Staging of breast cancer: New recommended standard procedure

Alberto Ravaioli, Giuseppe Pasini, Antonio Polselli, Maximilian Papi, Davide Tassinari, Valentina Arcangeli, Carlo Milandri, Dino Amadori, Matteo Bravi, Daniela Rossi, Pier Paolo Fattori, Enzo Pasquini, Ilaria Panzini

Research output: Contribution to journalArticle

Abstract

Background. Staging procedures used to detect metastatic breast cancer at the time of diagnosis are bone scan (BS), chest X-ray (CXR), liver ultrasonography (LUS) and laboratory parameters (LP). These procedures are expensive and not all patients need them. We aimed to identify groups of patients with different risks for metastatic disease. Methods. We reviewed data from 1,218 consecutive cases of breast cancer. Pathological and biological parameters and instrumental procedures performed at the time of diagnosis and during 6 months of follow-up were recorded. True positive and negative, false positive and negative cases were evaluated. All cases were grouped on the basis of tumour size, nodal involvement, biological characteristics, menopausal status and age. Results. We observed 46 (3.8%) true positive cases with metastatic disease at the time of diagnosis. Documentation relating to BS, CXR and LUS was available for 1,193, 1,206 and 1,206 patients, respectively, with 37 (3.1%), 8 (0.7%) and 10 (0.8%) true positive tests. Logistic regression analysis showed significant odds ratio estimates for pT status and nodal status, thus highlighting the role of these morphological data. These findings suggest that breast cancer patients can be divided into two subgroups: first group pT1-3N0-I, with ≤3 involved nodes, and second group pT1-3N1 with ≥4 involved nodes, pT4 and pN2 (metastases detection rate 1.46 and 10.68%, respectively). In the former group the appropriate procedures of staging would only be laboratory parameters, whereas in the latter group BS, CXR, LUS, LP and tumour markers CEA and CA15.3 would be necessary. Conclusions. The standard staging procedures to detect metastatic disease at breast cancer diagnosis require modification. On the basis of the literature data and our findings, the full staging procedure is appropriate in the second group of patients.

Original languageEnglish
Pages (from-to)53-60
Number of pages8
JournalBreast Cancer Research and Treatment
Volume72
Issue number1
DOIs
Publication statusPublished - 2002

Fingerprint

Breast Neoplasms
Ultrasonography
Thorax
X-Rays
Bone and Bones
Liver
Tumor Biomarkers
Documentation
Biomarkers
Logistic Models
Odds Ratio
Regression Analysis
Neoplasm Metastasis
Neoplasms

Keywords

  • Bone scan
  • Breast cancer
  • Chest X-ray
  • Staging
  • Ultrasonography

ASJC Scopus subject areas

  • Oncology
  • Cancer Research

Cite this

Ravaioli, A., Pasini, G., Polselli, A., Papi, M., Tassinari, D., Arcangeli, V., ... Panzini, I. (2002). Staging of breast cancer: New recommended standard procedure. Breast Cancer Research and Treatment, 72(1), 53-60. https://doi.org/10.1023/A:1014900600815

Staging of breast cancer : New recommended standard procedure. / Ravaioli, Alberto; Pasini, Giuseppe; Polselli, Antonio; Papi, Maximilian; Tassinari, Davide; Arcangeli, Valentina; Milandri, Carlo; Amadori, Dino; Bravi, Matteo; Rossi, Daniela; Fattori, Pier Paolo; Pasquini, Enzo; Panzini, Ilaria.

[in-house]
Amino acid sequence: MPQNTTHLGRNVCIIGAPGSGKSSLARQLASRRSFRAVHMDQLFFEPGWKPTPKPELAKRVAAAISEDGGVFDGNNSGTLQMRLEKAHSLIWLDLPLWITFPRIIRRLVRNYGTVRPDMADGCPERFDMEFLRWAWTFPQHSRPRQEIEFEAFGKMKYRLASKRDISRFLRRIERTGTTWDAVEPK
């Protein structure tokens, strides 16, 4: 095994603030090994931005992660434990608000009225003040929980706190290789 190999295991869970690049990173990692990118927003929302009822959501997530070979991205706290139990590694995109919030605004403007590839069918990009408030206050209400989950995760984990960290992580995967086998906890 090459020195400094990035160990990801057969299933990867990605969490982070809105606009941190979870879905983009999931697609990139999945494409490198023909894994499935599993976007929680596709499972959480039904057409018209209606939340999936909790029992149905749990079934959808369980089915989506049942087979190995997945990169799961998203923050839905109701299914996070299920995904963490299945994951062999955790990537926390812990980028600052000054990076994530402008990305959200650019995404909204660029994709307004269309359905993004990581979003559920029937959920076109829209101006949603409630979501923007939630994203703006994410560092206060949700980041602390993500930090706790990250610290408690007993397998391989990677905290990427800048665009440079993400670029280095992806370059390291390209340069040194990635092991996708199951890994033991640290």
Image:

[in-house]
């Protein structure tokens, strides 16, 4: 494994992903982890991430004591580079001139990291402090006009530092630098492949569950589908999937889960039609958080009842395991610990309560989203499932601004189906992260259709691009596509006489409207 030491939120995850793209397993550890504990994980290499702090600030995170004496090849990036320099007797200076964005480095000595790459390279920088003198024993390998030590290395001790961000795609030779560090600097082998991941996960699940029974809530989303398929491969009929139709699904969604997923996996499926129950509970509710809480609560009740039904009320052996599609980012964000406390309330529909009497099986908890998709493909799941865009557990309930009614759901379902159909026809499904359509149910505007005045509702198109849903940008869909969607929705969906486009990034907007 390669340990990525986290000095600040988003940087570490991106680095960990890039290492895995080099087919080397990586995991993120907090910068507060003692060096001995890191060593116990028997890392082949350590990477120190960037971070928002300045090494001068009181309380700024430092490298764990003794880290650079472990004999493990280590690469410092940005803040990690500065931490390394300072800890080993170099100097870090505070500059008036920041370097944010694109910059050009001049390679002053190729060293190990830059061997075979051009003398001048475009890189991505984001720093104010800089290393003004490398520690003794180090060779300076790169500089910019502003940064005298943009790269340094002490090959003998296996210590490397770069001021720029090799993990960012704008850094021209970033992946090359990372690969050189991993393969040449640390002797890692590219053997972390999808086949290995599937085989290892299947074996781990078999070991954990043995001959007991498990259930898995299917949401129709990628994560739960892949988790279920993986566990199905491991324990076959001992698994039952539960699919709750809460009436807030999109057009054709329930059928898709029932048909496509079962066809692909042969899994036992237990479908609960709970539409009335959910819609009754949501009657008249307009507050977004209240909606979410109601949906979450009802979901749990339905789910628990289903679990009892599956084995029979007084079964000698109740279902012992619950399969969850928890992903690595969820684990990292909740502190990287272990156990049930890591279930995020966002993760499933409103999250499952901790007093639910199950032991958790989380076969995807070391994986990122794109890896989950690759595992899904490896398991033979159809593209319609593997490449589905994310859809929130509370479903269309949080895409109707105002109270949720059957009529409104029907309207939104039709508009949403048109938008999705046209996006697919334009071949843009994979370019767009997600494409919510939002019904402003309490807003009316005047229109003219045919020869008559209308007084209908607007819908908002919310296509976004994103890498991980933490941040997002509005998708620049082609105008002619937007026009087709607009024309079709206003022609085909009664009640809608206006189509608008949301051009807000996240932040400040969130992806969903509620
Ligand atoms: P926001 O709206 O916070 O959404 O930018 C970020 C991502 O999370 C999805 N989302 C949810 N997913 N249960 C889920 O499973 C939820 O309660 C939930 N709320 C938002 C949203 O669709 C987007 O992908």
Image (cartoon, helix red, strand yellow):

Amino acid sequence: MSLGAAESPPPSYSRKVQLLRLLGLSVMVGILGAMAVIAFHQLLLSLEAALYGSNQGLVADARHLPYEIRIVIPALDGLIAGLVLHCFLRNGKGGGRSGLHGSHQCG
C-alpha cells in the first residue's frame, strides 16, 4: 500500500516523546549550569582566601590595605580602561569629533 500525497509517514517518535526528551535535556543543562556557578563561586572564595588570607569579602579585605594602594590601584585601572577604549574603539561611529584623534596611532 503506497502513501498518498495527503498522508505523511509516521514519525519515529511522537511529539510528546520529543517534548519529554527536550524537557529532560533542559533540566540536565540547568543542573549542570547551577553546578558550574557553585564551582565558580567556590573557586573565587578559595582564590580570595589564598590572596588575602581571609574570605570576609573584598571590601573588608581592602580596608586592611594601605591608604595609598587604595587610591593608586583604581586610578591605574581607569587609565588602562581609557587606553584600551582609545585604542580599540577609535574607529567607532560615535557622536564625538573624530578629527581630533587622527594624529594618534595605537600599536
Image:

In: Breast Cancer Research and Treatment, Vol. 72, No. 1, 2002, p. 53-60.

Research output: Contribution to journalArticle

Ravaioli, A, Pasini, G, Polselli, A, Papi, M, Tassinari, D, Arcangeli, V, Milandri, C, Amadori, D, Bravi, M, Rossi, D, Fattori, PP, Pasquini, E & Panzini, I 2002, 'Staging of breast cancer: New recommended standard procedure', Breast Cancer Research and Treatment, vol. 72, no. 1, pp. 53-60. https://doi.org/10.1023/A:1014900600815
Ravaioli A, Pasini G, Polselli A, Papi M, Tassinari D, Arcangeli V et al. Staging of breast cancer: New recommended standard procedure. Breast Cancer Research and Treatment. 2002;72(1):53-60. https://doi.org/10.1023/A:1014900600815
Ravaioli, Alberto ; Pasini, Giuseppe ; Polselli, Antonio ; Papi, Maximilian ; Tassinari, Davide ; Arcangeli, Valentina ; Milandri, Carlo ; Amadori, Dino ; Bravi, Matteo ; Rossi, Daniela ; Fattori, Pier Paolo ; Pasquini, Enzo ; Panzini, Ilaria. / Staging of breast cancer : New recommended standard procedure. In: Breast Cancer Research and Treatment. 2002 ; Vol. 72, No. 1. pp. 53-60.
@article{3ca3382b78cf4e14a6958f03ff212251,
title = "Staging of breast cancer: New recommended standard procedure",
abstract = "Background. Staging procedures used to detect metastatic breast cancer at the time of diagnosis are bone scan (BS), chest X-ray (CXR), liver ultrasonography (LUS) and laboratory parameters (LP). These procedures are expensive and not all patients need them. We aimed to identify groups of patients with different risks for metastatic disease. Methods. We reviewed data from 1,218 consecutive cases of breast cancer. Pathological and biological parameters and instrumental procedures performed at the time of diagnosis and during 6 months of follow-up were recorded. True positive and negative, false positive and negative cases were evaluated. All cases were grouped on the basis of tumour size, nodal involvement, biological characteristics, menopausal status and age. Results. We observed 46 (3.8{\%}) true positive cases with metastatic disease at the time of diagnosis. Documentation relating to BS, CXR and LUS was available for 1,193, 1,206 and 1,206 patients, respectively, with 37 (3.1{\%}), 8 (0.7{\%}) and 10 (0.8{\%}) true positive tests. Logistic regression analysis showed significant odds ratio estimates for pT status and nodal status, thus highlighting the role of these morphological data. These findings suggest that breast cancer patients can be divided into two subgroups: first group pT1-3N0-I, with ≤3 involved nodes, and second group pT1-3N1 with ≥4 involved nodes, pT4 and pN2 (metastases detection rate 1.46 and 10.68{\%}, respectively). In the former group the appropriate procedures of staging would only be laboratory parameters, whereas in the latter group BS, CXR, LUS, LP and tumour markers CEA and CA15.3 would be necessary. Conclusions. The standard staging procedures to detect metastatic disease at breast cancer diagnosis require modification. On the basis of the literature data and our findings, the full staging procedure is appropriate in the second group of patients.",